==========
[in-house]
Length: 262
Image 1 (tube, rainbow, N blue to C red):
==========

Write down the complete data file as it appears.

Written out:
[in-house]
Length: 262
Image 1 (tube, rainbow, N blue to C red):